This Is Why Teens Generally Don’t Get to Choose Their Names

Captain Fantastic Faster Than Superman Spiderman Batman Wolverine Hulk And The Flash Combined George Garrett
In 2008 19-year-old George Garratt legally changed his name to “Captain Fantastic Faster Than Superman Spiderman Batman Wolverine Hulk And The Flash Combined.” He said he wanted to “be unique.”

Not to be outdone, these guys went a step further a couple of years later. 

They still didn’t match the complexity of this fellow, whose given name at birth may have lacked comic book references but surpassed everyone else as measured by mouthfuls. 

Meet the Man Who Made Us Marvel

Fun Facts about Stan Lee Marvel ComicsStan Lee has almost mythical standing among comic book aficionados. Without him, the world would never have heard of Spider-Man, the Hulk, the Avengers, the Fantastic Four, Iron Man, or any of the other 350 comic book characters that sprang from his fertile mind (see the list here).

Born Stanley martin Lieber on December 28, 1922, Lee revolutionized the comic book industry and American culture with his creativity. Here are some facts about the Man behind Marvel Comics. Continue reading

Want Their Autographs? It Will Take a While To Write All of It

Two friends, formerly known as Daniel Knox-Hewson and Kelvin Borbidge
Two friends, formerly known as Daniel Knox-Hewson and Kelvin Borbidge

Daniel Knox-Hewson and his friend Kelvin Borbidge of Nottingham, United Kingdom, decided in 2011 to have their names reflect their love of sci-fi and comic books.

Daniel formally changed his name to “Emperor Spiderman Gandalf Wolverine Skywalker Optimus Prime Goku Sonic Xavier Ryu Cloud Superman HeMan Batman Thrash.” He goes by “Emperor Thrash,” for short.

Kelvin also changed his name. He is now officially known as “Baron Venom Balrog Sabretooth Vader Megatron Vegeta Robotnik Magneto Bison Sephiroth Lex Luthor Skeletor Joker Grind,” or “Baron Grind,” among friends.

Mr Grind said he was looking forward to seeing his new name on his bank card.

“I wonder how they will fit it all on?” he said.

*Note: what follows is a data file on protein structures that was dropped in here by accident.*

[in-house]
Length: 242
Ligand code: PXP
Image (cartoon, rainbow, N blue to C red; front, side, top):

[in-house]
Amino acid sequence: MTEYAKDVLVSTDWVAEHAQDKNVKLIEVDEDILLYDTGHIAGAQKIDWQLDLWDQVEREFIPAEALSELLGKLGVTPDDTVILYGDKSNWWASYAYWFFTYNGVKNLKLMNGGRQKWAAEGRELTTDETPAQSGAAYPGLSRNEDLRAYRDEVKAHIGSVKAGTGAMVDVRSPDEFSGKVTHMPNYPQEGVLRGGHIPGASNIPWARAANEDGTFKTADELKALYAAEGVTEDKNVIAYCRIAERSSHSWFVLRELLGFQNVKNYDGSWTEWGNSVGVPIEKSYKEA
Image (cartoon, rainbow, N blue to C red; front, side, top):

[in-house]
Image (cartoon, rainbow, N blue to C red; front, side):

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You Mean Peter Parker Wasn’t the First Spider-Man?

Shortly before the start of the Marvel Era of comic books, Journey Into Mystery #73 published “Where will you be, when… The Spider Strikes!” In it, a common household spider was doused with radioactive rays. Instead of biting an unsuspecting high school student named Peter Parker, the spider instead began to develop the intelligence of a human being and grow to massive proportions. Able to speak and even shoot his own web fluid, this man-spider of sorts was killed by the story’s end, just in time for the so-called “Marvel Age of Comics” to begin.

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He Really Put Himself Into His Work

Mark Gruenwald was best known for his work with Marvel comics and serving as Executive Editor of Captain America and Iron Man. After a fatal heart attack in 1996, an interesting request was discovered in his will: He was to be cremated and his ashes were to be mixed with ink that could be used to print comic books—and they were.

Comic Books — Not Just for Kids Anymore

Got a few extra dollars laying around? Here’s what it will cost you to get these classic comic books:

 Amazing Fantasy #15 — First appearance of Spider-Man – $1,100,000

Flash Comics #1 — $289,000

Action Comics #1 — First appearance of Superman — $1,500,000

Detective Comics #27 — First appearance of Batman — $1,380,000